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August 26, 1996


The opinion of the court was delivered by: LARIMER


 Payless ShoeSource, Inc. ("plaintiff") brings this action, pursuant to § 1121(b) of the Lanham Act, against the Town of Penfield ("Town"), the Penfield Zoning Board of Appeals ("Board"), and Town Building Inspector Harold Morehouse ("Morehouse") (collectively "defendants"), alleging unlawful interference with its trademark.


 Plaintiff, who operates two retail stores in Penfield, has a trademark registered with the United States Patent and Trademark Office. This mark consists of the distinctively lettered name "Payless ShoeSource" displayed in yellow, except for the two "o"s contained therein which are displayed in orange.

 One of plaintiff's stores is located in Baytowne Plaza. According to existing sign restrictions at this plaza, plaintiff's sign is required to be either yellow, red, or white. Plaintiff, however, disregarded these restrictions and erected a two-colored sign reflecting its trademark.

 In April 1995, Morehouse demanded that plaintiff change its sign to a single Board-approved color or seek a variance. Plaintiff applied for a variance. The Board, however, denied its application. To date, plaintiff has not brought its Baytowne Plaza sign into compliance.

 Plaintiff's other store is located in Panorama Plaza. Sign restrictions imposed on this plaza require that all signs be red. Plaintiff has complied with this requirement, displaying an all red sign, rather than a sign that reflects its yellow and orange trademark. Although plaintiff would like to display its two-colored trademark at Panorama Plaza, it has not applied for a variance in light of the Board's decision regarding the Baytowne Plaza store.

  Plaintiff commenced this action, maintaining that the sign restrictions at Baytowne and Panorama Plazas constitute an unlawful interference with its trademark in violation of § 1121(b) of the Lanham Act, which prohibits a state or one of its subdivisions from requiring the "alteration" of a federally registered mark.

 Defendants move, pursuant to Fed. R. Civ. P. 12(b)(6), to dismiss the complaint for failure to state a claim upon which relief can be granted. Defendants maintain that § 1121(b) of the Lanham Act was not intended to interfere with uniform aesthetic zoning requirements, enacted pursuant to a town's police power, that indirectly affect a trademark.

 Plaintiff cross-moves for summary judgment, arguing that the plain language of § 1121(b) forbids a town, as a political subdivision, from requiring alteration of a registered trademark.

 Because both parties have submitted, and I have considered, matters outside the pleadings, I will treat these motions as motions for summary judgment. Fed. R. Civ. P. 12(b).


 Summary judgment will be granted if the record demonstrates that "there is no genuine issue as to any material fact and that the moving party is entitled to a judgment as a matter of law." Fed. R. Civ. P. 56(c); Chambers v. TRM Copy Ctrs. Corp., 43 F.3d 29, 36 (2d Cir. 1994).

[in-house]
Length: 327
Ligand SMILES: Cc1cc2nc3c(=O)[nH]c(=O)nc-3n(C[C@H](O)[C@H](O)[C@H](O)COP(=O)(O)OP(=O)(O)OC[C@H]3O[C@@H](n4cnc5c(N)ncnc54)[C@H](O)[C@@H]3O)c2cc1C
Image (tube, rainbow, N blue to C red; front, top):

Here, the parties agree that there are no material issues of fact in dispute and that resolution of this matter depends solely on whether § 1121(b) preempts a town's authority to regulate signs for aesthetic purposes when those signs involve federally registered trademarks.

 I. Authority to Regulate Signs for Aesthetic Purposes

 The law in New York is well settled that a town, pursuant to its police power, may impose sign restrictions in order to regulate aesthetics.

 For example, in People v. Goodman, 31 N.Y.2d 262, 338 N.Y.S.2d 97, 290 N.E.2d 139 (1972), the New York State Court of Appeals noted that a "State and its political subdivisions may regulate the erection and maintenance of outdoor advertising under the police power . . . and that villages are empowered by statute to regulate the maintenance of advertising media near streets and in public places . . . and to adopt ordinances for general purposes consistent with the exercise of the police power . . . ." Id. at 265 (citations omitted).

 The Court stated further that "it is now settled that aesthetics is a valid subject of legislative concern and that reasonable legislation designed to promote the governmental interest in preserving the appearance of the community represents a valid and permissible exercise of the police power. . . . Under the police power, billboards and signs may be regulated for aesthetic purposes." Id. (citations omitted); see also Suffolk Outdoor Advertising Co., Inc. v. Hulse, 43 N.Y.2d 483, 489, 402 N.Y.S.2d 368, 373 N.E.2d 263 (1977); Philanz Oldsmobile, Inc. v. Keating, 51 A.D.2d 437, 440, 381 N.Y.S.2d 916 (4th Dep't 1976); People v. Rubin, 162 Misc. 2d 104, 106, 616 N.Y.S.2d 166 (Just. Ct. Nassau County 1994).

 Plaintiff recognizes that the Town of Penfield, pursuant to its police power, generally may regulate signs for aesthetic purposes. However, plaintiff contends that because the Town's regulations preclude it from erecting and maintaining signs with the two colors (yellow and orange) that are part of its federally registered trademark, the Town violates the plain language of § 1121(b) of the Lanham Act. I disagree.

 II. Section 1121(b) of the Lanham Act

 Section 1121(b) of the Lanham Act provides: "No State . . . or any political subdivision . . . may require alteration of a registered mark . . . ." 15 U.S.C. § 1121(b).

 A. The "Century 21" Amendment

 Section 1121(b), which was added to the Lanham Act in 1982, is commonly referred to as the "Century 21" amendment because it was enacted in response to the problems encountered by Century 21, a national franchisor, when several states required it to alter the display of its federally registered trademark.

 Century 21's registered trademark designated 80% of the mark's surface area for the display of the Century 21 logo and the remaining 20% for the display of the local franchisee's name.

 Nevada's Real Estate Advisory Commission enacted regulations that required all real estate brokers to display their national logo on 50% of the mark's surface area and display the local franchisee's name on the remaining 50%. This regulation, therefore, required Century 21 brokers to alter their federally registered trademark to display the franchisee's name as prominently as the Century 21 logo. This regulation applied across the board to all items on which the trademark was displayed in Nevada, including signs, letterheads, business cards, brochures, uniforms, name tags, folders, checks, forms, memo pads, desk plates, display materials, marketing materials, advertisements, etc.